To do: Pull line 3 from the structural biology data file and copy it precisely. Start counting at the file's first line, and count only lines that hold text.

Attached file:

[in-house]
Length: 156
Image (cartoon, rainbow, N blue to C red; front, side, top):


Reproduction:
Image (cartoon, rainbow, N blue to C red; front, side, top):